Leo the Lion
Look south in the early Waynedale evening to see Leo, the famous Lion of the Skies. Leo is one of a handful of constellations that really does look like its namesake. Leo, Latin for “lion”, is the 12th largest constellation, covering about 950 square degrees. Leo is notable for its many galaxies and multiple star systems.
To locate Leo, the Lion, look for a figure with five stars that remind you of a question mark turned in the wrong direction. These stars mark the head and mane of the Lion. Then to the left of the question mark, or Sickle as it is commonly called, are three stars of almost equal brightness that form a triangle. They mark the hindquarters of the Lion.
Regulus, or the King Star, is the largest and lowest in the Sickle. This star marks the heart of the Lion. Regulus is a white star and therefore very hot. It ranks 20th in order of brightness. Light from Regulus takes 85 years to reach us here in Waynedale. In ancient times, Regulus was brighter than it is now, and it was thought to rule the events of the heavens.
The Lion’s crouching body made up of a triangle of stars extends eastward. Denebola, a star of second magnitude, marks the tip of the tail. The name Denebola is from the Arabic language and means “lion’s tail”.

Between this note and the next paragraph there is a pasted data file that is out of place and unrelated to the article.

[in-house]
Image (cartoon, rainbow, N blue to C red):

In Greek and Roman mythology, Leo represents the Nemean lion.
The Lion was a monstrous animal with a hide like armor. It could not be pierced by either sword or spear. Even the strongest warriors could not defend themselves against this lion. The giant beast roamed the hills and streets of the village devouring whomever it met. Hercules battled and slew the lion in the fulfillment of the first of his 12 labors.
Hercules battled the Lion for a full month. He was finally able to strangle the Lion to death. Hercules used the Lion’s own sharp claws to cut off the animal’s tough hide and wore it as a cloak and armor. Neither spear, sword nor arrow could injure Hercules as he continued on his next list of labors.
As we welcome the season of spring here in Waynedale, look in the night sky for the constellation Leo, the Lion. He is up there devouring the dark and cold of winter and brings to us the promise of warm days and starry summer nights. Now that is something to roar about!
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